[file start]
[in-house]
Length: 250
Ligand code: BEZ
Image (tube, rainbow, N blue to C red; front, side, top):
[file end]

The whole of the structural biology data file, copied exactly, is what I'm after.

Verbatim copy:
[in-house]
Length: 250
Ligand code: BEZ
Image (tube, rainbow, N blue to C red; front, side, top):